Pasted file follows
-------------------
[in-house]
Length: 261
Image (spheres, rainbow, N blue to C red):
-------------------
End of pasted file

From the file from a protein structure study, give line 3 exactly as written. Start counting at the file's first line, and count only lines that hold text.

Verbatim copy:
Image (spheres, rainbow, N blue to C red):